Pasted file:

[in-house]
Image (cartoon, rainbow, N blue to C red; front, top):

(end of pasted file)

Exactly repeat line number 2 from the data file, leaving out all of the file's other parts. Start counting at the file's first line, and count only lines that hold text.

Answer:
Image (cartoon, rainbow, N blue to C red; front, top):